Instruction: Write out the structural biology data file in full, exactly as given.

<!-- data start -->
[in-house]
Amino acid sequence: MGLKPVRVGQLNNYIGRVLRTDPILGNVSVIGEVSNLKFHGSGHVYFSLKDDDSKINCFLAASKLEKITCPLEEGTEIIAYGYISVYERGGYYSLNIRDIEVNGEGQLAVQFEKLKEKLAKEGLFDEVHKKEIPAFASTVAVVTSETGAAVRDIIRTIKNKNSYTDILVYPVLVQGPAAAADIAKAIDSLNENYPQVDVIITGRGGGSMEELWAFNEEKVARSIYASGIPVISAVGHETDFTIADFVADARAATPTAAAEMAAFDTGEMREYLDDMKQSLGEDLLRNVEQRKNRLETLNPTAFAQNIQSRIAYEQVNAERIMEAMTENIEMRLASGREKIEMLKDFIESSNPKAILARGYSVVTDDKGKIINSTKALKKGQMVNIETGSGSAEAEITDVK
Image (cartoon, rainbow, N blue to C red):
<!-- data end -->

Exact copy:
[in-house]
Amino acid sequence: MGLKPVRVGQLNNYIGRVLRTDPILGNVSVIGEVSNLKFHGSGHVYFSLKDDDSKINCFLAASKLEKITCPLEEGTEIIAYGYISVYERGGYYSLNIRDIEVNGEGQLAVQFEKLKEKLAKEGLFDEVHKKEIPAFASTVAVVTSETGAAVRDIIRTIKNKNSYTDILVYPVLVQGPAAAADIAKAIDSLNENYPQVDVIITGRGGGSMEELWAFNEEKVARSIYASGIPVISAVGHETDFTIADFVADARAATPTAAAEMAAFDTGEMREYLDDMKQSLGEDLLRNVEQRKNRLETLNPTAFAQNIQSRIAYEQVNAERIMEAMTENIEMRLASGREKIEMLKDFIESSNPKAILARGYSVVTDDKGKIINSTKALKKGQMVNIETGSGSAEAEITDVK
Image (cartoon, rainbow, N blue to C red):